“Can you announce this award on our social channels?”
“Our heart and vascular service line needs more promotion.”
“Here’s a great patient story. Thought I’d share.”
If you work in content marketing for a healthcare organization, chances are colleagues flood your inbox with messages like this daily. When it comes to managing content, it can feel like there aren’t enough hours in the day or people on your team to create and distribute it all. Here’s the good news: you’re not alone.
Content marketing teams are often small, under-resourced and over-burdened. In a survey we recently conducted, 32% of our WriterGirl clients have a content marketing team of 2-5 people and 21% are a one-person department. Across health systems, survey participants reported “competing priorities” and “finding the time and budget to complete marketing goals” as pain points. Healthcare marketers are exhausted, and the burnout is real.
So, how do you prioritize content from multiple service lines? How do you maximize the efforts of a small team, doing more with less? And is it possible to make everybody happy?
If you’re feeling overwhelmed by competing priorities as a marketer, keep reading. I’m going to show you how to prioritize content, starting with the three essential pillars: Data, strategic priorities and talent.
Dive into data
To know what content to prioritize in the future, start with what performed well in the past.
If your organization has a history of content marketing, set aside a day to look at how your efforts have performed over the last year. Dig into organic social insights—what kinds of posts had the highest engagement? Then check in with paid social insights. What trends are you seeing? Find out what website pages received the most traffic, what digital ads had the highest click-through rates and—most importantly—where you’re seeing the best returns on your investments. If you can, rank the channels where you’re getting the most (and least) bang for your buck.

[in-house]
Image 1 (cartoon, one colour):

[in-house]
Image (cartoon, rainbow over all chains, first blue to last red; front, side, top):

If your organization doesn’t have a history of content marketing or your efforts have been inconsistent, tap your network. Talk to fellow health system marketers you’re friendly with to find out what has been successful for them. The Society for Health Care Strategy and Market Development also has great information on healthcare marketing trends.
Once you have these data points, create a simple slide deck that will help you relay this information to key stakeholders. Include screenshots of analytics, the content that performed well, the content that didn’t perform well and notes on your findings.
Pin down strategic priorities
Now that you have the data, it’s time to lay strategic groundwork. But you can’t do this alone! To get aligned on marketing priorities, set up a strategy meeting with the key leaders in your organization. Your data will help them think about strategic priorities of the organization in light of what’s actually working in marketing, so send them your slide deck prior to the meeting.
After you recap your data findings, here are questions to ask in the meeting: